From The Art and Popular Culture Encyclopedia
YouTube has faced criticism over the offensive content in some of its videos. The uploading of videos containing defamation, pornography, and material encouraging criminal conduct is prohibited by YouTube's terms of service. Controversial content has included material relating to Holocaust denial and the Hillsborough disaster, in which 96 football fans from Liverpool were crushed to death in 1989. YouTube relies on its users to flag the content of videos as inappropriate, and a YouTube employee will view a flagged video to determine whether it violates the site's terms of service. In July 2008, the Culture and Media Committee of the House of Commons of the United Kingdom stated that it was "unimpressed" with YouTube's system for policing its videos, and argued that "proactive review of content should be standard practice for sites hosting user-generated content". YouTube responded by stating:
- We have strict rules on what's allowed, and a system that enables anyone who sees inappropriate content to report it to our 24/7 review team and have it dealt with promptly. We educate our community on the rules and include a direct link from every YouTube page to make this process as easy as possible for our users. Given the volume of content uploaded on our site, we think this is by far the most effective way to make sure that the tiny minority of videos that break the rules come down quickly.
In October 2010, U.S. Congressman Anthony Weiner urged YouTube to remove from its website videos of imam Anwar al-Awlaki. YouTube pulled some of the videos in November 2010, stating they violated the site's guidelines. In December 2010, YouTube added "promotes terrorism" to the list of reasons that users can give when flagging a video as inappropriate.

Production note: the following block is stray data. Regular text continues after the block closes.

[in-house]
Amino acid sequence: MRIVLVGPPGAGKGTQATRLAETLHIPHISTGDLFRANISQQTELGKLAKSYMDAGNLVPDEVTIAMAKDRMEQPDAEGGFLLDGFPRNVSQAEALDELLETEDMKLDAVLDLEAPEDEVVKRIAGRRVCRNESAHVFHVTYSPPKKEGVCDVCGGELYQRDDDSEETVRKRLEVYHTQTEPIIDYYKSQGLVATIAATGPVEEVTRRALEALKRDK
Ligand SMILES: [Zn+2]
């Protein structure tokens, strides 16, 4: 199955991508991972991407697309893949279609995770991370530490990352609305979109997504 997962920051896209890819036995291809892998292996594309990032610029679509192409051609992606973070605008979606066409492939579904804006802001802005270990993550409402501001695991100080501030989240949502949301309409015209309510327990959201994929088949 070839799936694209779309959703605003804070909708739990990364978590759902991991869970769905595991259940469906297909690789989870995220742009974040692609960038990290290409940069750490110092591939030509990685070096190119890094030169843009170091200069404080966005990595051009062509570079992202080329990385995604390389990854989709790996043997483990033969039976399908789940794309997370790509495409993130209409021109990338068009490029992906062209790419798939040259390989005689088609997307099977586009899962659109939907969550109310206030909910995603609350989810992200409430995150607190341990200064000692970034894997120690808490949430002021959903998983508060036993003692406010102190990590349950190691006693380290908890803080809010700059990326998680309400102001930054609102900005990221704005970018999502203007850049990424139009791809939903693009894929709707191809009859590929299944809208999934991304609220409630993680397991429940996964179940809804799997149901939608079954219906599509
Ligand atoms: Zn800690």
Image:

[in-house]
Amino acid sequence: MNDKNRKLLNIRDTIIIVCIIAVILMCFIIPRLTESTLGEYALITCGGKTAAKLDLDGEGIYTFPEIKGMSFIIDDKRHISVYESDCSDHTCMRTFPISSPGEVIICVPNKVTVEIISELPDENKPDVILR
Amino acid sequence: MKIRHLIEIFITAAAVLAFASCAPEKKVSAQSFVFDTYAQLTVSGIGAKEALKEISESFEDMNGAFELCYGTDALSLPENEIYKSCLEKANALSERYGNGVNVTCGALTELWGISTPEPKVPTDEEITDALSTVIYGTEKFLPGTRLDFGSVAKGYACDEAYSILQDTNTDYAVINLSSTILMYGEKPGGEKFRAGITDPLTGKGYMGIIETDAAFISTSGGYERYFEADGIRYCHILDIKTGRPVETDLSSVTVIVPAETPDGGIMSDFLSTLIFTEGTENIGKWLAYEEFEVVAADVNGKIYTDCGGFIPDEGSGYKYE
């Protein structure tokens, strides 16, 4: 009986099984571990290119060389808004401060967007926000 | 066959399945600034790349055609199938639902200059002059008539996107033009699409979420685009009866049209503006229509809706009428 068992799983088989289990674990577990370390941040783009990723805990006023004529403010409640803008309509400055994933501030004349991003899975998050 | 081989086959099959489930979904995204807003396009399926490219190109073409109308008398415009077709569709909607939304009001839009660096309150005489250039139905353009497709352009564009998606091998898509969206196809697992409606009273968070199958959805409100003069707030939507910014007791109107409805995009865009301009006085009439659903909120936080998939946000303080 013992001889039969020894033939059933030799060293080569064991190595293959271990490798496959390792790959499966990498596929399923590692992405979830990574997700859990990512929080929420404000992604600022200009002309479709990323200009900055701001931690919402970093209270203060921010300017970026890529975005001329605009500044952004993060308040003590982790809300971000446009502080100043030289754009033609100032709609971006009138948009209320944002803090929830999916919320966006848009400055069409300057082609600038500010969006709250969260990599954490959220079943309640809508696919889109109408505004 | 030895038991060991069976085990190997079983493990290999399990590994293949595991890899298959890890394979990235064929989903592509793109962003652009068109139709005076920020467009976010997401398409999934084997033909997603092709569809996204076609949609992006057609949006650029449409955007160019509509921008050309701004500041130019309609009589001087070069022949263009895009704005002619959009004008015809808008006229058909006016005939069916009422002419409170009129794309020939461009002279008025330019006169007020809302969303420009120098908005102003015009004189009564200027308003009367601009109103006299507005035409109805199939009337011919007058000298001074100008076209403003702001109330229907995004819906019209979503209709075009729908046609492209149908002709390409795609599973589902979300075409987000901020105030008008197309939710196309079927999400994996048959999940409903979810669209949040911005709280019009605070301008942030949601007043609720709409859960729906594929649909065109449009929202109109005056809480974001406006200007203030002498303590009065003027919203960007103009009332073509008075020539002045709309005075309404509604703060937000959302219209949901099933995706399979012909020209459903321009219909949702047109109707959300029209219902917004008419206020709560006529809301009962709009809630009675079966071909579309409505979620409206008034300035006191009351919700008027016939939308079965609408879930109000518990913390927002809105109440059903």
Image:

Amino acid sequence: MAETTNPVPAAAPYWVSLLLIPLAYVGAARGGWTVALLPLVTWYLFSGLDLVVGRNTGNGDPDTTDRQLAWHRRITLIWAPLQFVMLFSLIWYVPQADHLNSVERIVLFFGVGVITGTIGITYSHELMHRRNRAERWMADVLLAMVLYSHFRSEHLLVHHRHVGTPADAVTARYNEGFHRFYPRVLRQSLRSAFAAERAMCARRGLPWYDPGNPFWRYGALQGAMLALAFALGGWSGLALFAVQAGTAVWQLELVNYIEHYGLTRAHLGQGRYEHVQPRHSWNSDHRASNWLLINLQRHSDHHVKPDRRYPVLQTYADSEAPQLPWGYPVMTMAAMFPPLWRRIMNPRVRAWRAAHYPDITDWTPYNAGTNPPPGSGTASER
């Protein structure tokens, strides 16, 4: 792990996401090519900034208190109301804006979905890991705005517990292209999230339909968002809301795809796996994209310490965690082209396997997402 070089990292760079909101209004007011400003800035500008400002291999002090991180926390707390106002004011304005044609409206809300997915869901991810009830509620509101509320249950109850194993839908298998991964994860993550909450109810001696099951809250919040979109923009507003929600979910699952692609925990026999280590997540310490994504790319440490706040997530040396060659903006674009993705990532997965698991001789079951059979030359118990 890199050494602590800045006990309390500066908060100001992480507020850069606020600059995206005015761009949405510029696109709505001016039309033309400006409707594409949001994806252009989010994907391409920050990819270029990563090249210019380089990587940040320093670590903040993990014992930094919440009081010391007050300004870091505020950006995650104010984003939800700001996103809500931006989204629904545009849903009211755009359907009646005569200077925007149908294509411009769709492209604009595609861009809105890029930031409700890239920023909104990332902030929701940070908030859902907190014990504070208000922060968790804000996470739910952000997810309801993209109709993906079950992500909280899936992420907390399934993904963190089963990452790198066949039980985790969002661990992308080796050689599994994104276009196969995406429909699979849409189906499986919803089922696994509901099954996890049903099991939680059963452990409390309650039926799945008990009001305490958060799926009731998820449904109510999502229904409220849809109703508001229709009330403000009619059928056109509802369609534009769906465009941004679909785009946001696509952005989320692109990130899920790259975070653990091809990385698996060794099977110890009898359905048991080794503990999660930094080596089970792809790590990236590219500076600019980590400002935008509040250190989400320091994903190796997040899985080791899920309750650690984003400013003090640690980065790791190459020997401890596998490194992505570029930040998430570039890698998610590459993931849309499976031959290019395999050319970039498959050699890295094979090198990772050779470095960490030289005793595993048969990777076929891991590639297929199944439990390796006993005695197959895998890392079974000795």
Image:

In August 2016, YouTube introduced a notification system for a policy restricting the types of content that may be incorporated into videos being monetized, providing a means to notify users of these violations and allow them to appeal. These restrictions cover content that is not deemed "advertiser-friendly", including strong violence, language, sexual content, and "controversial or sensitive subjects and events, including subjects related to war, political conflicts, natural disasters and tragedies, even if graphic imagery is not shown", unless the content is "usually newsworthy or comedic and the creator's intent is to inform or entertain". Although the policy is not new, the issue was brought into prominence by the notification system, as well as a video discussing the matter by prominent user Philip DeFranco, in which he considered the practice to be censorship. On September 1, 2016, the hashtag "#YouTubeIsOverParty" was prominently used on Twitter as a means of discussing the controversy. A YouTube spokesperson stated that "while our policy of demonetizing videos due to advertiser-friendly concerns hasn't changed, we've recently improved the notification and appeal process to ensure better communication to our creators."